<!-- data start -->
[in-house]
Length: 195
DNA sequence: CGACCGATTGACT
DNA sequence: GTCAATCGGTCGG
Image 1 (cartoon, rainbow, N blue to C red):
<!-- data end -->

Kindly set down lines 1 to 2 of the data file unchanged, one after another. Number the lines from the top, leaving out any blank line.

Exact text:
[in-house]
Length: 195